Jobs and wages have to be at the heart of all economic growth. Growth without increase in jobs could trigger the rise of anti-nationalism, populism, crime, fanaticism or civil-unrest. Neither a Socialist nor a Capitalist approach to economic management can overcome the threats and consequences of job-less growth.

Technology is not destiny; nor is globalisation. Their direction is not random but shaped by decisions made by firms, governments and individuals. In other words, there is a choice, and it is up to leaders of governments, corporations and civil institutions to shape it in ways that will benefit ordinary citizens as well as themselves – or, as we have seen, ordinary citizens will do it for them.

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Precariat – Appreciating the Rise of This Social Class

The richest 1 per cent in India cornered 73 per cent of the wealth generated in the country last year, a worrying picture of rising income inequality. Besides, 67 crore Indians comprising the population’s poorest half saw their wealth rise by just 1 per cent, as per the survey released by the international rights group Oxfam. The situation appears even grimmer globally, where 82 per cent of the wealth generated last year worldwide went to the 1 per cent, while 3.7 billion people that account for the poorest half of population saw no increase in their wealth. That the global picture is worse than what it is for India can be a very fragile solace.

In sociology and economics, the precariat is a social class formed by people suffering from precarity, which is a condition of existence without predictability or security, affecting material or psychological welfare. Specifically, it is the condition of lack of job security, including intermittent employment or underemployment and the resultant precarious existence.

In pursuit of competitiveness, governments have implemented policies of labor flexibility, making labour more insecure, leaving millions without health care, pensions or other benefits. Governments have turned to means-tested social assistance and to workfare. The welfare state has withered. The precariat has emerged from the liberalisation that underpinned globalisation. It consists of a multitude of insecure people, living bits-and-pieces lives, in and out of short-term jobs, without a narrative of occupational development, including millions of frustrated educated youth who do not like what they see before them, millions of women abused in oppressive labour, growing numbers of criminalised tagged for life, millions being categorised as ‘disabled’ and migrants in their hundreds of millions around the world. They are denizens; they have a more restricted range of social, cultural, political and economic rights than citizens around them.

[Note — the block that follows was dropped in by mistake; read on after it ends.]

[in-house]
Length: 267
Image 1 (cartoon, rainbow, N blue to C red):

Precariat is a new dangerous class-in-the-making, internally divided into angry and bitter factions, who face overlapping challenges of unemployment, low income and loss of social security. Most in it do not belong to any professional or craft community; they have no social memory on which to call, and no shadow of the future hanging over their deliberations with other people, making them opportunistic. The biggest dangers are social illnesses and the risk that populist politicians will play on their fears and insecurities to lure them onto the rocks of neo-fascism, blaming ‘big government’ and ‘strangers’ for their plight.

So far, the precariat in Europe has been mostly engaged in EuroMayDay parades and loosely organised protests. But this is changing rapidly, as events in Spain and Greece are showing, following on the precariat-led uprisings in the middle-east. Recent political discourse directed at the Precariat shaping the success in the election outcomes of the US, France and Philippines show the strength of this emerging class. Precariats face insecurity, instability and vulnerability. This tribe is as much anti-state as it is anti-business.

A progressive strategy for the precariat must involve more equitable control over other key assets of a tertiary society – quality time, quality space, knowledge and financial capital. There is no valid reason for all the revenue from financial capital going to tiny elite who have a particular talent to make money from money. The only way to reduce income inequality in an open market society is to ensure an equitable distribution of financial capital.

This article draws on “The Precariat: The New Dangerous Class” by Guy Standing

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In Modi, We Trust! Why?